The war sacrificed countless lives and caused tremendous physical and mental trauma to the survivors.
Many people know that war is cruel. Many people lost their lives in combat. However, those who have experienced war first know how brutal and desperate war is for people. In the Afghanistan War, the monthly casualties of the US military alone were shocking. As pointed out in this article, Afghanistan Updates: The U.S. Occupation Is Over, Ending America’s Longest War, the death toll in the recent conflict between Afghanistan and the United States on both sides reached 170,000, not to mention the number of wounded and captured. It may be just a set of numbers in front of some people, but behind the numbers are living families.
The war also affected the economy of the entire region. Local buildings were reduced to ashes in the battle, countless animals were abandoned, and myriad battle trees burned down. The people have lost their homes and property, and they don’t know how to survive.
After the war, some survivors suffered physical injuries to varying degrees. Some people have life-long incurable sequelae due to war. Except for some physical injuries, most children who grew up in the war suffered from mental illnesses, such as PTSD. In the investigations issued by the government, Women in refuge: Syrian women voicing health sequelae due to war traumatic experiences and displacement challenges, pointed: ” Barriers to obtaining physical and mental health services are discussed, including inadequate medical treatment, lack of mental health services, and stigma on mental health, which might be associated to somatization of mental illnesses.”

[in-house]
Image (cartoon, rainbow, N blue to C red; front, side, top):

War is unavoidable. Some people think that these are inevitable for society. However, if you put yourself in this position, the problem will change—people who were displaced and lived in the war every day. Any language and description are pale.
Schmitt, Lauren Katzenberg and Eric. “Afghanistan Updates: The U.S. Occupation Is over, Ending America’s Longest War.” The New York Times, The New York Times, 13 Sept. 2021, https://www.nytimes.com/live/2021/08/30/world/afghanistan-news.
Rizkalla N, Arafa R, Mallat NK, Soudi L, Adi S, Segal SP. Women in refuge: Syrian women voicing health sequelae due to war traumatic experiences and displacement challenges. J Psychosom Res. 2020 Feb;129:109909. doi: 10.1016/j.jpsychores.2019.109909. Epub 2019 Dec 24. PMID: 31901581. https://pubmed.ncbi.nlm.nih.gov/31901581/